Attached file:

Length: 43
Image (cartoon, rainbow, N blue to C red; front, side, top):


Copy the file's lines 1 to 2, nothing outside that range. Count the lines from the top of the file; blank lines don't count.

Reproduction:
Length: 43
Image (cartoon, rainbow, N blue to C red; front, side, top):